As real-life bad guys go, it doesn’t get much worse than Joseph Kony. He’s the leader of the Lord’s Resistance Army, a cultish militia in central Africa that survives by plundering villages, massacring adults and forcing boys to become soldiers and girls to become sex slaves.
President Barack Obama has ordered the deployment of 100 military advisers to Uganda to help regional militaries capture or kill Kony and his commanders. It’s a modest and reasonable plan, and a good idea.
The LRA, which practices a bizarre form of mysticism, has terrorized central Africa since the late 1980s, its barbarism forcing millions of people to flee their homes at least temporarily over the years. Previous crackdowns pushed the group out of Uganda and weakened it. But the last campaign scattered the LRA, estimated at between 200 and 300 fighters today, over an area the size of California where the Central African Republic, the Democratic Republic of the Congo and South Sudan meet.
To effectively fight the group in the heavy bush in which it operates, the militaries of these countries need the kind of help that U.S. advisers can offer best from a forward deployment: logistics, planning and especially intelligence. The main goal is to neutralize Kony, since the LRA would probably collapse without him.
The dispatch of U.S. military advisers is plainly authorized by a 2010 law calling for “political, economic, military and intelligence support” for multinational efforts to apprehend Kony and his minions. Congress passed the measure with strong bipartisan support. The administration’s explicit objective is simple and achievable: to free area residents from the threat of LRA violence.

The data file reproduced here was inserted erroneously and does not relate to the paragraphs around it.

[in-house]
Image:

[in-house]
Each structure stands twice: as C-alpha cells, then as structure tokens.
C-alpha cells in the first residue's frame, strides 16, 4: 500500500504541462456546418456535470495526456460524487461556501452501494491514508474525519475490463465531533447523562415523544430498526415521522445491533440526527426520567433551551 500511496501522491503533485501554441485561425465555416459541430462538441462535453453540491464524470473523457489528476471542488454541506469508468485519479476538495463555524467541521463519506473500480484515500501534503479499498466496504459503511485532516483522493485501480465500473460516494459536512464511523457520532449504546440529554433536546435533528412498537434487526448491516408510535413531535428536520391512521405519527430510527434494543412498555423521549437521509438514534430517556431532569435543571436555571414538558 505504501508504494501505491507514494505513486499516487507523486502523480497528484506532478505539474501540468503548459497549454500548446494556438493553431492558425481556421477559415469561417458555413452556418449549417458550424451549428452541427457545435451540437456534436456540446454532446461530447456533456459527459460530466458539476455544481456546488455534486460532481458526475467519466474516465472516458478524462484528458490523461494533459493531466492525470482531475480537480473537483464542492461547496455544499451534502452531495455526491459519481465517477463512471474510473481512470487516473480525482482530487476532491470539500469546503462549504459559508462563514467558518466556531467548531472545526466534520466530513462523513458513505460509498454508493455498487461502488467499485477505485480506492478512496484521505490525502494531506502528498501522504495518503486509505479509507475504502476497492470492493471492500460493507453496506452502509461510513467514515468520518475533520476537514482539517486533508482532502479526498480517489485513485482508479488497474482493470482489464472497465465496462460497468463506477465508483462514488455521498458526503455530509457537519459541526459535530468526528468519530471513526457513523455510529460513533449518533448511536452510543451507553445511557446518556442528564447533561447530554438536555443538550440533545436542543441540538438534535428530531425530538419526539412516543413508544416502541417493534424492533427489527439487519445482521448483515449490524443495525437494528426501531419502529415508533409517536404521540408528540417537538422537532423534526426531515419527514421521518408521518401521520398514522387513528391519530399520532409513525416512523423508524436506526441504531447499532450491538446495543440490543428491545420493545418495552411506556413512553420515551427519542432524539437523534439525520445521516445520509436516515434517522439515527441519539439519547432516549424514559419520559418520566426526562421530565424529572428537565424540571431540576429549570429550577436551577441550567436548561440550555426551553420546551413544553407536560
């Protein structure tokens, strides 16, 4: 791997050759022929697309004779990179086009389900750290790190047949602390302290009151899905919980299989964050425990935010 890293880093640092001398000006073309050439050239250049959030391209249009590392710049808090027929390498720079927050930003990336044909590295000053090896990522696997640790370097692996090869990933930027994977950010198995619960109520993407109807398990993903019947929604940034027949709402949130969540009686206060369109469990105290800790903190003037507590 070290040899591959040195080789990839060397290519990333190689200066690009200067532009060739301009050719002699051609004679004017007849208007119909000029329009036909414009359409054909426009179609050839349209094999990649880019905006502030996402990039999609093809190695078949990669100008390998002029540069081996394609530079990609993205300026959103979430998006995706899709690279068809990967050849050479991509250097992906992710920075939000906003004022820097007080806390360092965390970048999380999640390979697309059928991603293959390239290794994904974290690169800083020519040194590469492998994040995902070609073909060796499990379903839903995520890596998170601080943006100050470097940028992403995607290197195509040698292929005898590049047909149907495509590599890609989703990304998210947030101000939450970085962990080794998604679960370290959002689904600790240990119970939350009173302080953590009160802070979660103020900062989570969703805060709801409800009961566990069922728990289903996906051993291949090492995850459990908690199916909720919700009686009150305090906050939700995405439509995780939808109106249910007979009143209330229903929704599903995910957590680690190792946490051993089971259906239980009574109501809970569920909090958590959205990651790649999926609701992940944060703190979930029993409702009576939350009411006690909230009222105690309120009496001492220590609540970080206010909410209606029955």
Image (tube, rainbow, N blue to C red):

Why should the U.S. get involved? It’s a fair question, even if the loudest critic of the policy got the facts preposterously wrong: Rush Limbaugh generated a ripple of opposition to the deployment after he blasted Obama for targeting what he characterized as a group fighting dictatorship. The LRA are Christians fighting Muslims, Limbaugh said, in a colossal irrelevance that was also factually incorrect.
Neutralizing the LRA is worth the minimal cost to the U.S. Treasury and risk to U.S. forces for several reasons. First, the U.S. already spends tens of millions of dollars every year providing humanitarian assistance to communities assaulted by the LRA. Second, the U.S. depends on the cooperation of other countries to counter global terrorist threats, which often arise out of local and regional conflicts. Helping those nations face their own challenges strengthens ties and builds goodwill for the U.S.
Finally, assisting the people of central Africa end the scourge of the LRA is simply the decent thing for Americans to do.
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